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Learning and Shifts in Long-Run Growth

  • Rochelle Edge
  • Thomas Laubach

Shifts in the long-run rate of productivity growth--such as those those experienced by the U.S. economy in the 1970s and 1990s--are difficult in real time to distinguish from transitory fluctuations. In this paper, we explore how economists' projections of trend productivity growth gradually evolved during the 1970s and 1990s, and examine the consequences of such real-time learning on the dynamic responses to shifts in trend growth in the context of a dynamic stochastic general equilibrium model. We find that a simple updating rule based on an estimated Kalman filter model using real-time data describes the evolution of economists' long-run growth expectations extremely well. We then show that incorporating learning in this fashion has profound implications for the dynamic effects of shifts in trend productivity growth, whether they are concentrated in the investment-goods sector or affect the entire economy. If immediately recognized, increases in the trend growth rate cause long-term interest rates to rise and produce a sharp decline in employment and investment. In contrast, with learning, a productivity acceleration sets off a sustained boom in employment and investment, and long-term interest rates rise only gradually in a pattern consistent with the experience of the 1990s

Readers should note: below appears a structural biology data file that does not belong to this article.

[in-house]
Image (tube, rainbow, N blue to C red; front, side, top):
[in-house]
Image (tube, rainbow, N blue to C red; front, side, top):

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Paper provided by Society for Computational Economics in its series Computing in Economics and Finance 2004 with number 123.

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Date of creation: 11 Aug 2004
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Handle: RePEc:sce:scecf4:123
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